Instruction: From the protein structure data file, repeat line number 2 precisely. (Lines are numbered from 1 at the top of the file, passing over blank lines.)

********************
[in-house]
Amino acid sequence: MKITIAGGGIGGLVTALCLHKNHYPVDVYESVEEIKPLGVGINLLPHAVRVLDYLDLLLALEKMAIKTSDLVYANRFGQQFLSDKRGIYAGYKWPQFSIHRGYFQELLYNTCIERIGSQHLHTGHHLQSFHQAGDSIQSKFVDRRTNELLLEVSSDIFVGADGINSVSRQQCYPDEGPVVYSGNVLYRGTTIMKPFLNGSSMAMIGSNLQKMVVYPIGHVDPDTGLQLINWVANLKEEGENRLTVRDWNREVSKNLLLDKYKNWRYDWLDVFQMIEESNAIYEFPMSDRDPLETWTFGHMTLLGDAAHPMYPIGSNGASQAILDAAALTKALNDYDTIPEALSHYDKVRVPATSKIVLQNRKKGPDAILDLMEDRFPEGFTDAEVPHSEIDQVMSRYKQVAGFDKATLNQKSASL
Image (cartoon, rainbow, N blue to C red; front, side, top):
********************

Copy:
Amino acid sequence: MKITIAGGGIGGLVTALCLHKNHYPVDVYESVEEIKPLGVGINLLPHAVRVLDYLDLLLALEKMAIKTSDLVYANRFGQQFLSDKRGIYAGYKWPQFSIHRGYFQELLYNTCIERIGSQHLHTGHHLQSFHQAGDSIQSKFVDRRTNELLLEVSSDIFVGADGINSVSRQQCYPDEGPVVYSGNVLYRGTTIMKPFLNGSSMAMIGSNLQKMVVYPIGHVDPDTGLQLINWVANLKEEGENRLTVRDWNREVSKNLLLDKYKNWRYDWLDVFQMIEESNAIYEFPMSDRDPLETWTFGHMTLLGDAAHPMYPIGSNGASQAILDAAALTKALNDYDTIPEALSHYDKVRVPATSKIVLQNRKKGPDAILDLMEDRFPEGFTDAEVPHSEIDQVMSRYKQVAGFDKATLNQKSASL